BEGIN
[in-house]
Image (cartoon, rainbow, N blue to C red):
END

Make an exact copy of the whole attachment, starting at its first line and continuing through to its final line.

[in-house]
Image (cartoon, rainbow, N blue to C red):